Though there is little empirical data to show that the interdiction has been successful, Arizona law enforcement agencies have been more than willing to take advantage of the help. In 1993, the Maricopa County Board of Supervisors voted to allow Sheriff Joe Arpaio to use guard troops as translators and observers, and to collect and analyze intelligence on drug trafficking in the county. The Phoenix Police Department has availed itself of the help, as well, mostly for special, manpower-intensive investigations.
Best of all, the troops' operations are funded by the guard; the Phoenix PD doesn't have to pay for anything.
Phoenix police spokesman Mike Torres says guard troops have been used for National Night Out in Hermoso Park, and in actions where large numbers of people need to be moved. But more frequently, he says, the troops are used for longer-term surveillance work.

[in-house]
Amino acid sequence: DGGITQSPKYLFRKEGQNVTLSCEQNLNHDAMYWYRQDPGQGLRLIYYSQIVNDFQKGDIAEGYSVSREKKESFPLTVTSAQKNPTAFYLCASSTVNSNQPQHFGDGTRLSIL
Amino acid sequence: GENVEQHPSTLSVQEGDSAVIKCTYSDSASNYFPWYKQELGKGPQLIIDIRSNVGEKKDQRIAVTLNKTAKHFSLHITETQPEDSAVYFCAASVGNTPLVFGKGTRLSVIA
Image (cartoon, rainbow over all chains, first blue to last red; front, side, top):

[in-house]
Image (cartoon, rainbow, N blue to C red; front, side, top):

"If we have a location that's set up for surveillance, where we need somebody to just monitor, they will do that," Torres says. "We actually do use them quite a bit, to be honest with you."
Torres says guard personnel are also used for more mundane chores such as copying, log keeping and equipment moving. They have been a boon to the department, he says, freeing patrol officers for duty.
"When you start looking at those types of investigations, the only place you can draw from is going to be from the field," he says. "I can't tell you how much that's appreciated."
As happy as police and some neighborhood groups may be with the program, it has raised eyebrows in other circles.